Review on Sennheiser IE 900 cabled earphones
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The Review on Sennheiser IE 900 cabled earphones
The Sennheiser IE 900 are audiophile quality earphones. So we don’t even have to whisper that they cost $2099, and they rely on old-fashioned German audiophile engineering – no psycho-acoustic tricks and app EQ to deliver beautiful sound.
And beautiful sound it is. I mustn’t forget to thank Thomas Bartlett (our former in-house audiophile) for passing the baton to me – an amateur buff – who is a quick learner. Entering the audiophile world is like identifying the grape, vineyard, year and slope it was grown on – in wine terms, anyway. Well, I’m trying.
For me, every audiophile experience gets better. Hi-res DACs, headphones, earphones, music and a better understanding of why my Bluetooth headphones and earphones (while sounding good) are inferior. And to a certain extent, I understand that less is more, especially in the cost department.
If $2099 is a little more than your budget/partner will allow, Sennheiser has an IE 300 for $479.95 (GadgetGuy review here 9.4/10) and the IE 800 S for $1599.95, both of which are at least the subtle ‘S’ logo in your ears.
$2,099 for two small aluminum ‘buttons’. I haven’t felt this intimidated since someone threw me the keys to a million dollar Lamborghini to take it for a ride – and no, I wasn’t a car valet! And yes, I did – it’s a brilliant beast that takes my breath away.
There is a huge responsibility here – audiophiles can be so picky. So if you want to respond, please do, and we can both learn from it.
Once you have unpacked the small earplugs, choose a small, medium and large ear made of silicone or Visco memory foam tips. The latter provides the best sound insulation, but you feel them more in your ears. I chose silicone for comfort.
Then you can choose from three stereo jack connectors to MMCX connectors. These are reinforced with para-aramid for excellent stability, even after thousands of bending cycles. And at the MMXC end have flexible sections that you can bend over your ears. The 1.25 m cables include:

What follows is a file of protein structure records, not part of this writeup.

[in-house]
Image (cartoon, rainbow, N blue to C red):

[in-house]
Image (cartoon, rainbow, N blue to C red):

2.5mm balanced signal, 4-pin 3.5mm unbalanced signal 3-pin 4.4mm balanced signal 5-pin
Fit and comfort
They fit in your outer ear with just the cable running over the ear. If the cable wasn’t so short (1.25m), you could probably wear it to bed.
I wore them for a total of 10 hours (8 hours plus 2 x 1 hour walking), and there was no discomfort. I preface that by saying the silicone ear tips are more comfortable at the expense of some soundproofing. Sennheiser claims -26dB sound insulation – our tests agree. To DAC or not to DAC
I can’t tell you to buy a headphone DAC, but I can tell you there is a world of difference using the Astell&Kern USB-C DAC (review 9/10) to play hi-res music* on both a Surface Pro 7 and a Samsung Galaxy S21 Ultra.
The DAC has a frequency response of 20Hz-20kHz at .0004THD and supports up to 32-bit/384kHz, so it won’t hold back the IE 900. Three things stood out most about the DAC
The volume is excellent on the Surface Pro 3.5mm jack, but much louder with the DAC. There were sounds I’d never heard before, even in Sennheiser’s best Momentum 3 BT headphones. The wide soundstage and left/right separation is incredible
* Hi-res originally came from YouTube Music in AAC 256 kbps, but we moved to Amazon in FLAC 24-bit/192 kHz. Tidal seems to have a better catalog and offers MQA, AAX, ALAC and FLAC in 24-bit/192khz. Other sources include QoBuz, Spotify, Apple Music, and Deezer.
When playing CD-quality MP3, the DAC bought the best from the rip. Since the IE 900 has no EQ or app, what you put in is what you get out. How does the Sennheiser IE 900 sound?
Across the board, it brings out sounds and nuances you’ve never heard with BT headphones. It doesn’t add to or take away from the music, although the detail it reveals in Spotify is palpable in standard definition. It’s like playing music on a smart speaker and casting it to a real Sonos or Bose speaker. You can never go back.
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